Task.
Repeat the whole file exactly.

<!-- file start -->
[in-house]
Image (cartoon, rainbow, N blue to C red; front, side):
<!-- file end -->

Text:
[in-house]
Image (cartoon, rainbow, N blue to C red; front, side):